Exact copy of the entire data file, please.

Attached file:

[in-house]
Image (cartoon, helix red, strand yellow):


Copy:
[in-house]
Image (cartoon, helix red, strand yellow):